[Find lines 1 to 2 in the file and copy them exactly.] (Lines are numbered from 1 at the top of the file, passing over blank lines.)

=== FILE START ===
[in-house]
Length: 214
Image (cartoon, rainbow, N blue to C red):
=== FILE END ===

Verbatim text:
[in-house]
Length: 214